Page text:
The main library in Baghdad was Bayt al-Hikma, the House of Wisdom.
A very good article about its content and activities is here.
There were different phases. In the beginning they just interpreted Quran. Then they started translating foreign works. Later they started doing their own research in chemistry, algebra, medicine, and other disciplines.
From Britannica I read:
In that same capital city was founded the great library Bayt al-Ḥikmah
(“House of Wisdom”), which, until the sack of the city by the Mongols
in 1258, served as a huge repository for the series of works from the
Hellenistic tradition that were translated into Arabic. Al-Andalus
became to the rest of Europe a model of a society in which the
religions and cultures of Islam, Christianity, and Judaism could work
together and create a system of scholarship and teaching that could
transmit the heritage of older civilizations and the rich cultural
admixture of Andalusian society. Western science, mathematics,
philosophy, music, and literature were all beneficiaries of this
fascinating era, of whose final stages the fabulous Alhambra palace
complex in Granada, Spain, remains the most visible token.
There also were mathematical texts:
The subsequent acquisition of Greek material was greatly advanced
when the caliph al-Maʾmūn constructed a translation and research
centre, the House of Wisdom, in Baghdad during his reign (813–833).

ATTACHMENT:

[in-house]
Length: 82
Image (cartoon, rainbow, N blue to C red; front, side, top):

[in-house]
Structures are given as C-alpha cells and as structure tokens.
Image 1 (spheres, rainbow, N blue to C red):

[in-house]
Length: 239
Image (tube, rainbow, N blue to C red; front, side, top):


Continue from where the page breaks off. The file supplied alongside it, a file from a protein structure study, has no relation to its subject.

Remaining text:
Most of the translations were done from Greek and Syriac by Christian
scholars, but the impetus and support for this activity came from
Muslim patrons. These included not only the caliph but also wealthy
individuals such as the three brothers known as the Banū Mūsā, whose
treatises on geometry and mechanics formed an important part of the
works studied in the Islamic world.
Of Euclid’s works the Elements, the Data, the Optics, the Phaenomena,
and On Divisions were translated. Of Archimedes’ works only two—Sphere
and Cylinder and Measurement of the Circle—are known to have been
translated, but these were sufficient to stimulate independent
researches from the 9th to the 15th century. On the other hand,
virtually all of Apollonius’s works were translated, and of Diophantus
and Menelaus one book each, the Arithmetica and the Sphaerica,
respectively, were translated into Arabic. Finally, the translation of
Ptolemy’s Almagest furnished important astronomical material.
Of the minor writings, Diocles’ treatise on mirrors, Theodosius’s
Spherics, Pappus’s work on mechanics, Ptolemy’s Planisphaerium, and
Hypsicles’ treatises on regular polyhedra (the so-called Books XIV and
XV of Euclid’s Elements) were among those translated.